Out of sorts
Mildly unwell; not in one's usual health or state of mind.
Since at least the 17th century 'sorts' has been the name of the letters used by typographers. This usage is referred to in Notes on a Century of Typography at the University Press Oxford 1693–1794 and is nicely defined in Joseph Moxon's Mechanick Exercises, or the Doctrine of Handy-works - Printing, 1683:
"The Letters... in every Box of the Case are... called Sorts in Printers and Founders Language; Thus a is a Sort, b is a Sort."
For sets of type blocks to be 'out of sorts' would clearly be unwelcome to a typesetter. That terminology could be the source of the phrase and the notion is certainly a tempting one. We need to be cautious with that attribution however as the above citation is pre-dated by one from The proverbs, epigrams, and miscellanies of John Heywood, 1562, which makes no explicit mention of typesetting:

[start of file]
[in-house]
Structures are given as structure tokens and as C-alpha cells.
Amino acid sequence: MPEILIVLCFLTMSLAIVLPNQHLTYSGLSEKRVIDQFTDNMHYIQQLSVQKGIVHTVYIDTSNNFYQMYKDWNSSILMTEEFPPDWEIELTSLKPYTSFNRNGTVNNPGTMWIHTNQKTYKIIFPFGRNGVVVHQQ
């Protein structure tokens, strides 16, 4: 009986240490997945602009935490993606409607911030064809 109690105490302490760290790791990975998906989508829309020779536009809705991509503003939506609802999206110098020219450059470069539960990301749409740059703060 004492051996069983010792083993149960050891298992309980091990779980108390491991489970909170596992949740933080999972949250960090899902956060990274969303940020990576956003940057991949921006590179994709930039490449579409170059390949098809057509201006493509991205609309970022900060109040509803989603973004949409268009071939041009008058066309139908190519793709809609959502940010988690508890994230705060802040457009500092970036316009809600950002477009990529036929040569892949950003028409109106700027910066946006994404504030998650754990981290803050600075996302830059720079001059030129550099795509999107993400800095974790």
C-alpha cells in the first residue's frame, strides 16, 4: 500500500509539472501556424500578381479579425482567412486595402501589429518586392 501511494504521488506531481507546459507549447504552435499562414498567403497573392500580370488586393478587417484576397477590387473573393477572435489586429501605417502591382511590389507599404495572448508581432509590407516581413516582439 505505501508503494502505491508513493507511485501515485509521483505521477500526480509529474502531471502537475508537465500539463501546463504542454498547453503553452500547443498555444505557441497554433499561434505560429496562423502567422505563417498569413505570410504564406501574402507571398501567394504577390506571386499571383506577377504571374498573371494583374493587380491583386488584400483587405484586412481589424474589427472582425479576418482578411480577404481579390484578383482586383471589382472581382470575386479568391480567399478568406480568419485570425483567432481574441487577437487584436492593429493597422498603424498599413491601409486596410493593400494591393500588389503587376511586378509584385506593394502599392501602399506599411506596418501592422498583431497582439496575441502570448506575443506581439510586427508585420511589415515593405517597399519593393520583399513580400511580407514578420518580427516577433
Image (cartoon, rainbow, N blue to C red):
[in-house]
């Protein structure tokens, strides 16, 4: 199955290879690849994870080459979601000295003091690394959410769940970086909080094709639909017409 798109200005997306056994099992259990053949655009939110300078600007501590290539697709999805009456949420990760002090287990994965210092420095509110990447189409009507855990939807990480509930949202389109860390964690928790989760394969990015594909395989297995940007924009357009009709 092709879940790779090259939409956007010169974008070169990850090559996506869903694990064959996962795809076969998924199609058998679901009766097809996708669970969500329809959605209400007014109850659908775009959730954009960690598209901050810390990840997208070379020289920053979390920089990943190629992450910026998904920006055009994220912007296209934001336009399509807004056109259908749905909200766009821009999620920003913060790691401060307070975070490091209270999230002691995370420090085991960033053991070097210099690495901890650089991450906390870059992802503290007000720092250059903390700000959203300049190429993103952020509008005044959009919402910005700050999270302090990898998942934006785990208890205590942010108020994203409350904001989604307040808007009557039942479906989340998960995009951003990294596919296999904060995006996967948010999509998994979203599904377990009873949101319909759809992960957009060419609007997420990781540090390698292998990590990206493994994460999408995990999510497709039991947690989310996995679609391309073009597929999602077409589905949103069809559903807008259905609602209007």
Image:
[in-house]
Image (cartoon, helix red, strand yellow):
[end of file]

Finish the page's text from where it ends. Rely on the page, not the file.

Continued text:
Fit (adj): disordered, out of sorts
That unusual definition of 'fit' is, oddly, almost the opposite of our current usage of the word as an adjective.
It may well turn out that pre-1562 citations that refer to typesetting will be found; after all, Gutenberg invented movable type printing in around 1440. Until then, I'm sure that many people will opt to believe that 'out of sorts' derives from typesetting. All I can do is present you with the evidence as I find it and let you come to your own conclusions.
See also: out of kilter.